If you have a 40-foot dock area, consider that at some point you may want to add racks to the front of some of the rows. If you made the first bay “01,” you will have to come up with a poor numbering system (see Simplicity) or renumber the entire row (think: wasted labor).
The simple solution is to number all locations from a physical wall. In the previous example, you would consider the first bay at the dock. Since the first location is 40 feet from the dock, the first bay would be “06,” assuming eight-foot bays. The same process applies to the aisles. You may have a bulk or work-in-progress area to the left of the first aisle. Calculate the space needed to fill in that space with aisles and start your first aisle with the next letter/number. This will allow adding aisles later without a major relabeling effort.
The process for levels would be similar. Consider you will have some locations that are full pallets and some that are half pallets. You will have 4-high in the pallet area and 8-high in the half-pallet area. You would number the half-pallet levels 1 to 8. You would number the pallet levels 1, 3, 5 and 7. These levels would match the same number level in the half pallets. This simplifies the process of converting pallets to half-pallets and vice versa. This also allows for easier equipment configuration, discussed in another section.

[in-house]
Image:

One of the most common issues in location numbering comes from the changing use of the racks, shelves, and bins. Your business is changing and you want to convert several sections of rack from pallet storage to case pick locations. Do you mix products in the location or renumber the locations to accommodate the change?
I have learned from the school of hard knocks that you can minimize this problem by following one rule:
Use physical barriers for numbering delineation.